And talking of curiosity, I finally decided to reposition the contact points on the Jones. That bike hasn’t changed in years. There has been no need. But once an idea gets stuck in your head, it can be difficult to ignore. The genesis was a brief ride on Biff’s (UK Jones alpha cheese) own Jones 69er, which I felt had a slightly higher bb than my Jones. I wondered what my bike would feel like with the eccentric turned to raise the bb height from its current, low, position. In essence, this would ‘destabilise’ the bike, but perhaps make it more suited to the riding that is prevalent around Mugdock – my local trail system.
Someone asked me recently about how the Jones rode and whether it was particularly suited to the trails I ride most often. The answer was ‘superbly’ and a resounding ‘yes’ to the latter. Of course, it is hard to ascertain whether I have gravitated towards a particular bike design due to my love of tight, twisty, woods riding, or whether that sort of riding is so enjoyable because the bike makes it so.
I didn’t want to alter my saddle-to-bar position too much, so I needed to make sure the seat post was long enough to get correct leg extension and also mess around with stem and bar orientation. With a total of 12 mm of throw available on the Bushnell EBB, I needed to be able to move the bars and saddle this much as well. In the end, once the chain was taut, the saddle needed to be raised 10mm and I simply flipped the loop bars (raising them about 20mm). I now have one ride on the ‘new’ set up: my initial impression is ‘ho hum’. The frame is designed with a large bb drop, which gives the rider a real ‘in the bike’ feel and makes it very stable in technical going. However, the short trail/with high offset fork and short wheelbase keeps things extremely agile. It is a good mix. For me, the slightly higher BB may be too much, so I will probably revert back. Prior to doing so, I may try a 10mm shorter, zero rise (rather than -6 degree) stem and the bars flipped again, losing 8-9mm height, but bringing the reach down by a similar amount. We’ll see. I have learned something about that bike for sure: I really do like the way it was set up, it wasn’t just a case of being used to it!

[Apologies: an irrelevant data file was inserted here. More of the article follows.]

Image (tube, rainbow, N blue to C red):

I have also been mulling over my proposed Iceland trip. I think I have a notion of a workable route. I need to decide whether I am going to benefit from and therefore go to the expense of ordering an Alpacka packraft for this route. Then, I would need to learn to use it! I want to, but will admit to some nervousness. Additionally, Alpacka have a new raft add-on that allows the tubes to double as storage. The weight being lower adds to stability in rougher water. Hmmm!
So: many little projects on the go and no real conclusions on bigger ones. I am hoping for some time/weather windows to slot in a couple of bike packing trips soon. Forest bathing, don’t you know. More as it happens